Antieau continued to assist Hirschkop and Cohen as a mentor. The Georgetown chapter of the Law Students Civil Rights Research Council would prove invaluable, researching laws in different states as the attorneys began their work on the case. “The students in that chapter were very helpful in the research for the Loving case,” Hirschkop says. “To this day, I feel very close to Georgetown.”

In October 1964, Hirschkop and Cohen filed a federal lawsuit challenging the constitutionality of Virginia’s anti-miscegenation laws. The case ultimately made its way to the U.S. Supreme Court, and on June 12, 1967, the Supreme Court unanimously struck down laws banning interracial marriage, which was prohibited in 16 states. “The freedom to marry has long been recognized as one of the vital personal rights essential to the orderly pursuit of happiness by free men,” Chief Justice Earl Warren wrote in the opinion.

An image of the stage at the 2024 Georgetown Law commencement celebration, as faculty and administrators applaud for a man standing in academic robes.

On May 19, 2024, Hirschkop received a standing ovation during the Georgetown Law commencement ceremony when presented with an honorary doctorate. L-R: Georgetown Law Dean William M. Treanor, Hirschkopf, Georgetown University President John J. DeGioia, with members of the Georgetown Law faculty behind them. Photo: Elman Studio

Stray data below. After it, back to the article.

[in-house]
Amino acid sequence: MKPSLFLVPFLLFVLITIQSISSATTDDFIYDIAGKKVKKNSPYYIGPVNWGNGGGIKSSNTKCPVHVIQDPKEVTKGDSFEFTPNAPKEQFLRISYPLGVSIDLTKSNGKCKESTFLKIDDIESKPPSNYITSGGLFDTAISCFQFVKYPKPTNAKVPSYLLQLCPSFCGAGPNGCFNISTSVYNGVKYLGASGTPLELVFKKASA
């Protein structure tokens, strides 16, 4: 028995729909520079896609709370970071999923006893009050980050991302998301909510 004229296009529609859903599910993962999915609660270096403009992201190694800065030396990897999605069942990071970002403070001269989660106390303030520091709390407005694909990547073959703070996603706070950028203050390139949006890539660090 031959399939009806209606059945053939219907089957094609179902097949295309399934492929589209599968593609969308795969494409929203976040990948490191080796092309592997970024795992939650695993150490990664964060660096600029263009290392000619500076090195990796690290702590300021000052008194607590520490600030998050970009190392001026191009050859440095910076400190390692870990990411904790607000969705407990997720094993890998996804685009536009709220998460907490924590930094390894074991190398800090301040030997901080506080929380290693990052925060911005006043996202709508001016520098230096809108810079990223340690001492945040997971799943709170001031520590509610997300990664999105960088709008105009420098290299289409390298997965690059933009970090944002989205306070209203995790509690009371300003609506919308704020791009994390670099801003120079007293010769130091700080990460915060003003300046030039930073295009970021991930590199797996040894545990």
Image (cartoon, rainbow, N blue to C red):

The Legacy of Loving

Mildred and Richard Loving spent the rest of their lives in their hometown, Central Point, Virginia. Richard died in a car crash in 1975 at the age of 41, while Mildred lived until 2008. At the time of her death, she had three children, eight grandchildren and 11 great-grandchildren.

Cohen went on to join the Virginia House of Delegates, where he served for 15 years. He died in 2020. Hirschkop taught Constitutional Litigation at Georgetown Law, calling the experience “some of the most rewarding efforts of my legal career.” He also opened his own law practice and continued to take civil rights and personal injury clients, handling important cases in animal rights, women’s access to education, antiwar demonstration and more.

He believes that the most significant impact of the Loving case is that it established the sanctity of marriage in the eyes of the law. “It’s not just social experience. It’s so important it’s protected by the Constitution. And the government doesn’t have the right to come past the front door of your house or into your bedroom and tell you who your partner can be,” he said. “It’s a major precedent for same-sex marriages. The sanctity of two people who unite to spend their lives together whether they go get a marriage certificate or make it a common law commitment, is something that the government … according to Loving, has to respect.”